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At bottom, economics is about us – what we choose, what we value, what we represent in language and symbols, how we interact with each other in the market, and especially how we produce, exchange, and distribute goods, services, and risk. Understand these things, and you’re well on your way to knowing what you need to know about economics.

- Dr. Jay Richards, in Money, Greed, & God

“At bottom, economics is about us.” This concept makes approaching a complex topic like economics a little less intimidating, doesn’t it? Economics becomes less about confusing charts and graphs and more about how we wish to order our lives and build our society.

As we wrestle with tough questions regarding faith and economics, it’s helpful to have an understanding of basic economic facts.

To that end, today we’re offering some resources we think are helpful to the Christian just beginning to wade into the waters of economic thought. These books by no means represent the entire pantheon of what one could, or should, read regarding the subject. Rather, this list is a primer as you begin your exploration.

Why would we recommend Christians read one or more of these books? Because, as IFWE visiting scholar Dr. Jay Richards argues in Money, Greed, & God,

If we want to know the truth,  if we want to order our economic and social lives justly, if we want to help people rather than merely feel like we’re helping people, we have to learn the economic terrain. 

Dutch theologian Abraham Kuyper once said that,

There is not a square inch in the whole domain of our human existence over which Christ, who is sovereign over all, does not declare, ‘Mine!’

Economics isn’t exempt from Christ’s domain. As Jay writes, again, in Money, Greed, & God:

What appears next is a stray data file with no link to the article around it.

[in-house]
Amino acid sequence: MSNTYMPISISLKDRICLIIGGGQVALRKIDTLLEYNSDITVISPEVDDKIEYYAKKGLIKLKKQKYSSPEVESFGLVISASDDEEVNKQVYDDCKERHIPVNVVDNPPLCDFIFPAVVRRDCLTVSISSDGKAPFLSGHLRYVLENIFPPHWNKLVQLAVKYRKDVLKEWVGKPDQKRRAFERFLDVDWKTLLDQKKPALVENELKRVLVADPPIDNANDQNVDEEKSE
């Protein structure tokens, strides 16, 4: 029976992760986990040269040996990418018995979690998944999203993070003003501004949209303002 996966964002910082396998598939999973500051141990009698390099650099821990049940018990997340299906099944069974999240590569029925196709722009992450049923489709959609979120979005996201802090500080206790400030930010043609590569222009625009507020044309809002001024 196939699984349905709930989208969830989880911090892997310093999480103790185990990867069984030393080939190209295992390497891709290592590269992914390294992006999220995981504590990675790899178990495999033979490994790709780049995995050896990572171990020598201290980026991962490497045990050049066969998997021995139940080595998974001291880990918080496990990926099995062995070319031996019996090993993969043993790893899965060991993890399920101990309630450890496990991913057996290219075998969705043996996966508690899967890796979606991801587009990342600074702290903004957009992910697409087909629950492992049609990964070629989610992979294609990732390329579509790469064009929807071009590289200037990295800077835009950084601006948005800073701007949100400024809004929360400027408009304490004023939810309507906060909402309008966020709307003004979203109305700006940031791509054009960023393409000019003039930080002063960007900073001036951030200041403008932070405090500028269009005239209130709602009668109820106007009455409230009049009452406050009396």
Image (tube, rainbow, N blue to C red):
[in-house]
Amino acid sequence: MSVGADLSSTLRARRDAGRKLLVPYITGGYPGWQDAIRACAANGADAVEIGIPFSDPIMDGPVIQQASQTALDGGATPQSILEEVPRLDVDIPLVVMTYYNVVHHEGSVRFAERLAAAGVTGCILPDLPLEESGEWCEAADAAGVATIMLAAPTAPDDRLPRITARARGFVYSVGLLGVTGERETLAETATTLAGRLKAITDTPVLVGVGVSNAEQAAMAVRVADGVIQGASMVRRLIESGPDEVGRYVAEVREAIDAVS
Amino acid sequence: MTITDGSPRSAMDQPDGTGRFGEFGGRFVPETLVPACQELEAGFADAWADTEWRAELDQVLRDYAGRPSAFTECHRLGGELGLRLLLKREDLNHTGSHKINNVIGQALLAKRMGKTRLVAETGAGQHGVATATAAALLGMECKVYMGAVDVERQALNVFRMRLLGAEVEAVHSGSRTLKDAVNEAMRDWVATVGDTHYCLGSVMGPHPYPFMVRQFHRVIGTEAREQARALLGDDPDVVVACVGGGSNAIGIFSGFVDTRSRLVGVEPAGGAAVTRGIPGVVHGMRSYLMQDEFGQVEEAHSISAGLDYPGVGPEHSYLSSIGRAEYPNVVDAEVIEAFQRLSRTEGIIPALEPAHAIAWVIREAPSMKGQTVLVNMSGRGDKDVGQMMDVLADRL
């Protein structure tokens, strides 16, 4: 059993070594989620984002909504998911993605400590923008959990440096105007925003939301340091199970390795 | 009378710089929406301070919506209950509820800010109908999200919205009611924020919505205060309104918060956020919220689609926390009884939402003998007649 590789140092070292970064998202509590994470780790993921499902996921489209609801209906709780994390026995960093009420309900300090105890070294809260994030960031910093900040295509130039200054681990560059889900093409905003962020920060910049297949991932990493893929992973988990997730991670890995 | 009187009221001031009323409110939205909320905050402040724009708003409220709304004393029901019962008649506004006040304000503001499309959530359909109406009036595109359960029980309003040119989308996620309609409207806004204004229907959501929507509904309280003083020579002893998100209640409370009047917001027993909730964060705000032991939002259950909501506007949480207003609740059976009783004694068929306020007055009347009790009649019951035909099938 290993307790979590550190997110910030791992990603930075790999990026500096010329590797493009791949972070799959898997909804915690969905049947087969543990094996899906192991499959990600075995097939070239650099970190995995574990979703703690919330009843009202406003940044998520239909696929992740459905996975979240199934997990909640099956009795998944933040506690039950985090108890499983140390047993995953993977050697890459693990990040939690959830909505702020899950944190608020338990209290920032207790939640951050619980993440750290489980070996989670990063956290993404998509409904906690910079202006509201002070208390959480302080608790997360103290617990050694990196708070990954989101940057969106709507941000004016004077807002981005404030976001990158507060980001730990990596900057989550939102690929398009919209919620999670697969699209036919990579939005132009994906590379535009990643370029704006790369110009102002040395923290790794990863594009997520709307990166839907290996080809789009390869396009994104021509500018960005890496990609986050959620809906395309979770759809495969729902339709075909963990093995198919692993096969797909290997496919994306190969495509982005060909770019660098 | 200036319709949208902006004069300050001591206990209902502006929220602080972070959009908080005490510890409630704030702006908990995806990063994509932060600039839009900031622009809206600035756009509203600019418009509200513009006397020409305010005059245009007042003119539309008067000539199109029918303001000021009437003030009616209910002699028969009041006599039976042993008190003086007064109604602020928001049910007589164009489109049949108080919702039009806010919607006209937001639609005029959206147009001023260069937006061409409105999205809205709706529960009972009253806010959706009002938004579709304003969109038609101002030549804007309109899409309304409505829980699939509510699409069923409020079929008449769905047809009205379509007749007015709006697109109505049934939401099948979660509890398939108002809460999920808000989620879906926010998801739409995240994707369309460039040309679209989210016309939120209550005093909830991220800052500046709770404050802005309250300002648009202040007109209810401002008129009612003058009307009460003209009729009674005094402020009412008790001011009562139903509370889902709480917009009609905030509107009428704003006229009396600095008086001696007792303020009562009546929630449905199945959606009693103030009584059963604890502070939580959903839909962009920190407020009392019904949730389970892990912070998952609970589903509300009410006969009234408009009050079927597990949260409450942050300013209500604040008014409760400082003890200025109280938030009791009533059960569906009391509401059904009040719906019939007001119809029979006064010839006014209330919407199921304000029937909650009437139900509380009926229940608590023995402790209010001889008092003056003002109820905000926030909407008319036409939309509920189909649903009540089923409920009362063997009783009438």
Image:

Economic truths are truths. But they don’t stand outside God’s dominion. Being a Christian doesn’t mean you can disregard economic facts.

The following books do more than lay out economic facts. They also describe the impact economics can have on our everyday lives.

 Common Sense Economics, by James Gwartney, Richard L. Stroup, and Dwight R. Lee – Three top economists lay out basic principles of economics in clear, straightforward language.

 

 

 

Economics In Christian Perspective, by Victor V. Claar and Robin J. Klay – Drs. Claar and Klay cover economic theory and policy, while also uncovering how Christian principles and values relate to a flourishing, just economy.

 

 

 

Foundations of Economics: A Christian View, by Shawn Ritenour – Using the Christian doctrines of creation, humanity, and the Cultural Mandate, Dr. Ritenour explains basic economic principles and how a Christian ethic can apply these principles when tackling problems like poverty and economic development.

 

 

 

The Road to Serfdom, by F.A. Hayek – A fascinating look into the impact economic policy can have on cultures and human flourishing. This book illustrates how economics bears an impact in the realms of politics and culture.

 

 

 

Basic Economics, by Thomas Sowell – Another primer for everyday people that explains the basics behind any type of economy.

 

 

 

 

The Law, by Frederic Bastiat – French economist Frederic Bastiat published this pamphlet in 1850, in the aftermath of the Revolution of 1848. It explores ideas behind France’s then-socialist economy and how it restricted human freedom and flourishing.

 

 

 

Free to Choose, by Milton Friedman  - In Free to Choose, Milton (who would have been 100 this week!) and Rose Friedman show us how the market economy is crucial to a free society and the only way to flourish and grow.  Free individuals engaged in voluntary exchange serve everyone and raise living standards across the board. Values & Capitalism has a pretty thorough review of Free to Choose. 

 

 

 

Are All Economists Basically Immoral? – This is a collection of essays by the late theologian and economist Paul Heyne. These essays explore basic economics and the ties between economics and theology.

 


 

Economics in One Lesson, by Henry Hazlitt – As the book bills itself, it’s one of the shortest, surest ways to understand basic economics.

 

 

 

 

An Introduction to Economic Reasoning, by David Gordon – Dr. Gordon answers the question “Why care about economics?” while explaining basic economic theory.

 

 

 

 

What other books would you add to this list? Leave your comments here.